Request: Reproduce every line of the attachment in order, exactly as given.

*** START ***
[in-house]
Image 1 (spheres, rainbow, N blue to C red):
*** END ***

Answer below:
[in-house]
Image 1 (spheres, rainbow, N blue to C red):